lovely—cause I can close my eyes and visualize it—there's this lovely kind of grass bank or sort of fell going up. It was beautifully backlit. And they were that classic line of wildebeest going around and just the golden hour and all of that, right? And the birds, you've got the cape turtle dove giving it in the background. It was an iconic image. I'm actually gotten goosebumps describing it to you. And there was an Australian lady in there, and I could just hear her chattering away in the background. She was complaining because we weren't getting any closer to them. I don't know what they wanted us to do charge across the veld trying to catch up with them? But there was no appreciation of the moment. You're right. If a lion had charged out of nowhere and taken one of them down, she probably would have been appeased in some way, but she would have been disappointed she wasn't closer. People have become—you talk about wildlife being habituated—and I think that's one of the sort of sub lethal effects of tourism that probably will likely to be quite important, but I think people have become a bit too disconnected to these animals and they have an expectation of what a safari will be in. They're not interested in the species.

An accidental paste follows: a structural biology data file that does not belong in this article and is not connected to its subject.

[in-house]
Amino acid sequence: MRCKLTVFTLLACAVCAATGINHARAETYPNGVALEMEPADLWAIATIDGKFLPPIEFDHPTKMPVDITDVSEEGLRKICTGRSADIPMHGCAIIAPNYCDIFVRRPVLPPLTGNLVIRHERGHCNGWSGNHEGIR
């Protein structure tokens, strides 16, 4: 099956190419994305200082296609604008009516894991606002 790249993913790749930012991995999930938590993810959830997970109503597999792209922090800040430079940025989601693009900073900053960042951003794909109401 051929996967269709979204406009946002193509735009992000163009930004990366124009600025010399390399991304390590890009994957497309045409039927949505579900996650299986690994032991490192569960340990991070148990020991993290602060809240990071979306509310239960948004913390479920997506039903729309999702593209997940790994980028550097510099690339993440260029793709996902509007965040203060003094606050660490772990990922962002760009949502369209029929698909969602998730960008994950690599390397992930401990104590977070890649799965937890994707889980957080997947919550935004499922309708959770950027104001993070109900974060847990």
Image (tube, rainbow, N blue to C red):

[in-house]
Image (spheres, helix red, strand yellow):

They've not heard of you. You can show someone a Tsebe or a Hartebeest or something they want to see they want to see like the big five. Actually they don't want to see the big five because when you show them a Cape Buffalo, they usually don't understand what a Cape Buffalo is. They think they know what the fifth animal in the big five is, but they can only name the others. I remember going to the pyramids in Egypt and I overhearing people complaining about them as they look exactly what they expected them to look like. That was their complaint. And it was because they had seen the pyramids so many times that they've become habituated to the idea of them. And I think that may be one of the problems with people viewing wildlife. They've become habituated to what they expect. They don't appreciate it. They love animals, but they don't love nature.


Tom Opre (22:28):